In her fizzy, witty Lovely & Amazing, writer-director Nicole Holofcener divvies up a set of standard female physical insecurities among three basically gorgeous Los Angeles women. Though this sounds like a neat, cliched schematic, it’s actually more nuanced than the tidy gender fable that was her first feature, 1996’s Walking and Talking.
Brittle, Peter Pan-ish Michelle Marks (Catherine Keener) lashes out against the effects of adulthood—motherhood, responsibility, loss of sexual attractiveness—by sneering at her husband, ignoring her child, and refusing to work. Younger sister Elizabeth Marks (Emily Mortimer) is a waifish and delicately beautiful actress who has linked her working identity entirely to an ideal of physical perfection. Meanwhile, their mother, Jane Marks (Brenda Blethyn), undergoes liposuction to remove the pesky 10 pounds of fat that embody her maternity. The trio’s self-esteem problems also trickle into the consciousness of 8-year-old Annie (Raven Goodwin), Jane’s late-adopted African-American daughter, who morphs from a chubby, confident powerhouse into a troubled, self-hating little girl.
Michelle and Elizabeth are modern women who halfway resent the modern demands on their lives. In their mother’s generation, feminism did away with old standards of feminine value—the extent to which women were desirable or hardworking—but offered no substitute except the myth of the Superwoman, which all of the Marks women instinctively mistrust. Accordingly, they’re less obsessed with their fitness as partners than their so-called careers and abilities as caretakers. (Elizabeth adopts stray and sick dogs; Michelle has a daughter.) Michelle calls herself an artist, but all she’s doing is delaying adulthood with silly arts-and-crafts projects rooted in an English countryside fantasy of contentment, like hand-painted wrapping paper and miniature chairs made of twigs. While trying to sell her twee little chairs (carried in a heartbreaking cardboard box) to a local gift store, she’s aghast to find that an old junior high school acquaintance has become a pediatrician. “We’re 36,” says the woman patiently. “Yeah, but not 36 36,” Michelle answers, squirming.
Elizabeth, doe-eyed and glass-fragile, is a bundle of neediness in the guise of a typically self-obsessed performer. She sees men as the enemy, but she also turns to them for validation, tirelessly challenging her easygoing writer boyfriend with elaborate Rube Goldberg Q-and-A’s that drive him berserk. The only thing she’s certain of is that men never tell the truth, and what she seeks in the way of “support” walks a razor-thin line between empowering and denying her neurosis. “He doesn’t have the patience for my insecurities,” she wails to her mother. “Oh, that’s so manipulative,” Jane snaps from her hospital bed.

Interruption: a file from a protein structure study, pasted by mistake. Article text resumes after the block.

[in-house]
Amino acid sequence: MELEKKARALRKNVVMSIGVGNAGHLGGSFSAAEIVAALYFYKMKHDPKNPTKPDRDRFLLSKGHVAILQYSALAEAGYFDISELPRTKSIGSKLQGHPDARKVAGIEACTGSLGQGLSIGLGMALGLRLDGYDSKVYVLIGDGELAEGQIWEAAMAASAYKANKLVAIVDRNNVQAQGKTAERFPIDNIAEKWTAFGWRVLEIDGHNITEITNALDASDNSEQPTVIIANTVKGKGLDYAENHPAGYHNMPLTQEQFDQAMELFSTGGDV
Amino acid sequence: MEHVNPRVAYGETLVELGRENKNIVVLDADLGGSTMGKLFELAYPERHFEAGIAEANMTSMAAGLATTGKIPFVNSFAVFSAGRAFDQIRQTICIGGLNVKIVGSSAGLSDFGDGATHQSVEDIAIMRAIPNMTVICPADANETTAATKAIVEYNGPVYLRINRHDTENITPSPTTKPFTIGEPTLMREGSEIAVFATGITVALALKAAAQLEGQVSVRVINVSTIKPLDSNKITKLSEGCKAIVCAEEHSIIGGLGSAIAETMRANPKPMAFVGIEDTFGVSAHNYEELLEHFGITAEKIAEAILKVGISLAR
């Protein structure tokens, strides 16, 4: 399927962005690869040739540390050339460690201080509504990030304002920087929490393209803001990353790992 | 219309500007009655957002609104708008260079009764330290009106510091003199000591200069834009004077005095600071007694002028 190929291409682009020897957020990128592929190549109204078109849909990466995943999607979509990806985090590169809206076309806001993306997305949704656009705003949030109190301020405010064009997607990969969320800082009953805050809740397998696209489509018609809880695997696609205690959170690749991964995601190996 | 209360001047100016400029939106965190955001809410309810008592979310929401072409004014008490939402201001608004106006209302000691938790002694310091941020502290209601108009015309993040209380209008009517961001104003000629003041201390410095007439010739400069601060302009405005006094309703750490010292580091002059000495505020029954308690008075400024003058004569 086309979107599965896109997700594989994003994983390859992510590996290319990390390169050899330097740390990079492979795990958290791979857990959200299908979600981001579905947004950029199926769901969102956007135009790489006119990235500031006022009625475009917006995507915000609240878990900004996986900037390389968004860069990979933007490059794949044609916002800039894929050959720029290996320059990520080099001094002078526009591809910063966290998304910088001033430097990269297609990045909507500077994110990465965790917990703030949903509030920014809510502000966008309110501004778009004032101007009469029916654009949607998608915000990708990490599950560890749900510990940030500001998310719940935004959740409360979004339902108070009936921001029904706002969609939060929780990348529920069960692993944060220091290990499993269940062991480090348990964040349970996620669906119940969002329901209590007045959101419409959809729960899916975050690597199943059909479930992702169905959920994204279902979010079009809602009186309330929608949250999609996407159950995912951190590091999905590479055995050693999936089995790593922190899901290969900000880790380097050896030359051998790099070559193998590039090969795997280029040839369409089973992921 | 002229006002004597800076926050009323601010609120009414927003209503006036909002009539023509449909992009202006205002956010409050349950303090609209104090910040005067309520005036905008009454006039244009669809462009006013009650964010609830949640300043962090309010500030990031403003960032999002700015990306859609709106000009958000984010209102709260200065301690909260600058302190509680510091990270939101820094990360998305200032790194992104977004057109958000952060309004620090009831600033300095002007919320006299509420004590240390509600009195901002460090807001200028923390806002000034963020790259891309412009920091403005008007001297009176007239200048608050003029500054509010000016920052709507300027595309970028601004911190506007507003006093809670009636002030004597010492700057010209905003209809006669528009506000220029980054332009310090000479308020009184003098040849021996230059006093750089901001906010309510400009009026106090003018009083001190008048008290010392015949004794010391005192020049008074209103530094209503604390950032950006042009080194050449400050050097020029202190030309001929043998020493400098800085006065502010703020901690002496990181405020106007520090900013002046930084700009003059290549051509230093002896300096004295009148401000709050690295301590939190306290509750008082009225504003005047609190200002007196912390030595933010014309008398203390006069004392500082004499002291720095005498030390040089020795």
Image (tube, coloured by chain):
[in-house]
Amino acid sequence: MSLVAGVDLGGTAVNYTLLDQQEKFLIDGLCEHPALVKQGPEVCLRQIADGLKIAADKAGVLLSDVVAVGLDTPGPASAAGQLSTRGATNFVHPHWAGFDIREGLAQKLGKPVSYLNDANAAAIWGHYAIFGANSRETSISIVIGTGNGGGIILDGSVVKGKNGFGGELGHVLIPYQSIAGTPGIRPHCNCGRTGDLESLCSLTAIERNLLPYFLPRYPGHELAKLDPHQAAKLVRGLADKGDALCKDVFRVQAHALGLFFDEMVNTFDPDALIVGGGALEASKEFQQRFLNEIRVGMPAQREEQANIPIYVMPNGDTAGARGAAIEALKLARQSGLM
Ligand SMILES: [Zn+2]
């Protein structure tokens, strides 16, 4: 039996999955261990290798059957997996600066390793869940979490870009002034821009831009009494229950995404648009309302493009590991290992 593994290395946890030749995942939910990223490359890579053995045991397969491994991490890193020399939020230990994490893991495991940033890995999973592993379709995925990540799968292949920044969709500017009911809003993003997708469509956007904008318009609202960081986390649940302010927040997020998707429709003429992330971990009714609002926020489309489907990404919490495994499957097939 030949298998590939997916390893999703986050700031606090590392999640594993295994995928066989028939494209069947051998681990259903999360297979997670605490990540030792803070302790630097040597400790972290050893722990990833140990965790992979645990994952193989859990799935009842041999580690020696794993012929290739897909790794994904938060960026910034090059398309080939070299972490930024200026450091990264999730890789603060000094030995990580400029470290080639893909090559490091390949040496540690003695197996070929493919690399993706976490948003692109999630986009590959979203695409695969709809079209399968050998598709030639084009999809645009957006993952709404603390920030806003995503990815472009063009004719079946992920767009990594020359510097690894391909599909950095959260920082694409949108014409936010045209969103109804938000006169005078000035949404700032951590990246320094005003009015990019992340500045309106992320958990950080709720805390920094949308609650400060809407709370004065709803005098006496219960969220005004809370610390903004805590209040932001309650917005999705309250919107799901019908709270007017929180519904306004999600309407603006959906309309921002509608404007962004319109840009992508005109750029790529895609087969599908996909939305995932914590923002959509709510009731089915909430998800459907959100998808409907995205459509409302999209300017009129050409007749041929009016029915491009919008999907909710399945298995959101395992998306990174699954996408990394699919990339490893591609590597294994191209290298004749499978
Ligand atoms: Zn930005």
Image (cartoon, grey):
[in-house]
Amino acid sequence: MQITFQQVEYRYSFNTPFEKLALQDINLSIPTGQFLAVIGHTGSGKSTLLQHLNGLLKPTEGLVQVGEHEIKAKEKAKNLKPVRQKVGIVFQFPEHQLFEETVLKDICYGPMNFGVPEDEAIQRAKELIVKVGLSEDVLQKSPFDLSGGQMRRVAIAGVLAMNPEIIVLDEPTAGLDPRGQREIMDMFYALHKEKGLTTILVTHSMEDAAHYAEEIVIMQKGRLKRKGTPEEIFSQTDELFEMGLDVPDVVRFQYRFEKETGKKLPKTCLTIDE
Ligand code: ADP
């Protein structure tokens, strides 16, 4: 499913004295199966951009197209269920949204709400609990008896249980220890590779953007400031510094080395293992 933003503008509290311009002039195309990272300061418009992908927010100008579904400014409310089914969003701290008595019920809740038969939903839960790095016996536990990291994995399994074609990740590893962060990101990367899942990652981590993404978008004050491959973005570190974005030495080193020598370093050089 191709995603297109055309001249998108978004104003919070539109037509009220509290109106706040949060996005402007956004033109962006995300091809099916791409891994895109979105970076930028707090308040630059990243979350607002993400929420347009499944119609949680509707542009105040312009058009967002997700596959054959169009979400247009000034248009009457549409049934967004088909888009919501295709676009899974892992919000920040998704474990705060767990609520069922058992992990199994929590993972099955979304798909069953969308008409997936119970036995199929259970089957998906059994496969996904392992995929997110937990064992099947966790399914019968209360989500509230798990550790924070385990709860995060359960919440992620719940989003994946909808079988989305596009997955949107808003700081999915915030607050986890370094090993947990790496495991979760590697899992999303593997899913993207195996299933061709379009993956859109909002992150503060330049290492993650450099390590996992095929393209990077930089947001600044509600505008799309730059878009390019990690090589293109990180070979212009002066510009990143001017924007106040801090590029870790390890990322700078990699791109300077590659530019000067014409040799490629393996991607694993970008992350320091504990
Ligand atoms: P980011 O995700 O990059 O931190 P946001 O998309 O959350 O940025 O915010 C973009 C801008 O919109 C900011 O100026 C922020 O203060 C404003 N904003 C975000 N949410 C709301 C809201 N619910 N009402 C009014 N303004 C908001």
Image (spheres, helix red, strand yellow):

With a little too much glee, Holofcener drags the two sisters into relationships with unsuitable men who prey on their vanity. After a series of humiliations, Michelle impulsively takes a job at a one-hour photo shop, run by the owner’s teenage son (Jake Gyllenhaal, who seems to be the tadpole du jour, with two summer screen stints as the callow paramour of a married woman). Elizabeth exhausts her boyfriend’s patience and accepts a date with a hot movie star (Dermot Mulroney), which turns into a sick sort of audition when she asks him to evaluate her every flaw with the gimlet eye of a fellow actor. Meanwhile, Mom languishes in the hospital from complications from surgery, while young Annie is bounced from sister to sister to the care of her hired Big Sister. (“She needs someone in her life who’s black,” Michelle blithely explains.)
Mom’s love and guilt have allowed Annie’s weight to rise unchecked, and as her family life breaks down, Annie’s burgeoning sense of self becomes entangled in her sisters’. She has her hair straightened, trowels on lavender eye shadow, and begins toying with risk, playing dead in the pool and bolting from home at night to make her way to the caloric comforts of three or four McDonald’s meals. Goodwin is a natural charmer, a sober, riveting screen presence with none of the simpering cuteness of so many slick child actors. She makes Annie’s struggle to define herself in the absence of any help from the older white ninnies in her life miserably affecting, particularly when she calmly expresses a desire to tear off her skin.
Annie’s metamorphosis into someone who can’t decide whether it’s worse to be fat or to be black is tremendously moving, but as Lovely & Amazing rushes toward its conclusion, Holofcener discards all subtlety in crafting the trials by fire through which her characters reconcile their self-images; they’re ham-handed and implausible, all taking place over the course of one fraught evening. And one moment of semiunderstanding from a newly relaxed Michelle is not likely to cure Annie of her confusion and anger. It’s a woefully simplistic wrap-up for a sharp, perverse, and splendidly acted film. After so much painful and funny truth-telling, Holofcener should have done more than settle for comforting lies. CP